In the end, if I could get people to use the HeyJED app, then they could just record whatever it is that they want to say about their event and then send it to me. It’s in their voice. It’s their words. It’s ready to play.
I have no idea if this is going to work. I can tell you, however, that I do a piss-poor job of promoting all of the things that I should be promoting. It may sound like I’m thumbing for charity after charity when I’m on the morning show. But in reality there are so many things that fall through the cracks. The HeyJED app could help solve this.
So I’ve been working on.
- building a TV network
- developing an app
It sounds like a lot, but really it only takes about 10 hours a day to do a morning show and direct a ton of people what they should be doing and selling advertising and cutting deals for broadcast rights and attending a bunch of stuff. And then getting to building the TV network and the app.
Tomorrow is a typical day in the life of local radio guy. It starts with the morning show.
5:30 – JED in America from the sidewalk outside the Strack and Van Til studios on the campus of Purdue Northwest. I’ll talk about Michael Cohen turing on Trump.
6:15 - Michael Khadivar with Munster Babe Ruth Baseball. They’re having a national tournament this weekend and we’re set to broadcast the semifinals and finals in video. That’s on Sunday and Monday nights.
6:50 – Jen Studer, Illiana Banshees Rugby. I’m guessing that this is a women’s Rugby team. It will be a struggle to not mention that I once dated a female mud wrestler. She sometimes did jello wars also. This has nothing to do with women’s Rugby and I should probably stop going down this road right now, especially since my wife is laying in bed next to me reading, “The Couple Next Door.”
7:15 – Greg Kaplan, the king of fireworks. We’ll talk about the big class reunion from Munster High School, 1975-81. I may or may not go, but at least I could promote it.
That’s another thing. If I could get more people to use the HeyJED app, then it might actually cut down on the number of guests who have to come to the studio to promote their event. What would be more effective?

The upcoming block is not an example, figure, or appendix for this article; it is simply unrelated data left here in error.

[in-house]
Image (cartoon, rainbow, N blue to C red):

- doing a HeyJED for 22 seconds that gets played dozens of times during different segments throughout the day, or
- one 10-minute interview on the morning show.
Now that I think about it, the best possible coverage I could give these people is if they did both. Anyways, here’s the rest of my day.
9am – NIISSA meeting at the Gary Airport. We’re getting really close to building this emergency response center at the airport. I would tell you all about it in this space, but I don’t want to put your feet to sleep. Suffice it to say that it is my contention that if we take disasters seriously around here, we can attract big companies. I’m going to write a white paper about it as soon as I can find some paper in one of these drawers.
11am – Set up the WJOB booth at Pierogifest, where we’ll be broadcasting all weekend. Do a Facebook Live video with the Buscias.
Noon – Go to the sponsors luncheon at Pierogifest. Eat chicken, drink a Diet Pepsi.
1pm – Return to the WJOB-Strack and Van Til studios on the campus of Purdue Northwest. Station manager Debbie Wargo is out, so I have agreed to cover her duties, such as depositing money and answering the inquiries of the day. Often on Friday afternoon, we gotta produce and edit a commercial that has to start airing on Monday morning.
6pm – Return to Pierogifest in Whiting. I’ll host live video coverage of one of the most popular parades in the Midwest. The WJOB booth is smack dab in the middle of 100,000 people. It’s nuts. We’re all nuts.
9pm – Reunion time. There’s a big pre-reunion party at Centennial Park in Munster. I’ll probably go to this. The night before a reunion is almost always more fun than the reunion itself. I would be lying to the three or four of you if I said I didn’t really care what girls I used to date look like now. You just want a glimpse, just want to see what it has turned into. Sometimes it has turned into something way better than you would have predicted. And sometimes you shake your head – what the hell happened?
11pm – Alexis and I will return to this bed from which I type to you now. This is where it’s safe and loud, with the brand new portable air conditioner and all. I feel as if we’re sitting above the wing of a Southwest Airlines 707. It may be loud, but I like the company. In a way, I can’t wait to get through all of the stuff above so I can get right back to where I am now, typing and happy. Here’s something I wrote on January 8, 1985.
it has been a while if it matters I don’t
think it does and if it did what
do you think about the things that you think about
‘cause what you think you think about may not be what you really
think about if you really think about it and if it matters
and I do not think that it does if you know what I mean and I do not
think you do whoever you are because nobody does
nobody understands me
what stupid words
how about I feel so empty
how about I want to leave
always an option
running away is the easiest of things to
do in this life full of times in which you you you
must make a decision you you you
do not want to make
decisions are hard to stomach especially if they are your own but
senseless numbing pain is worse if you know what I mean
and I think you do
not ‘cause nobody does
if that is not a crock of shit
you horrible communicator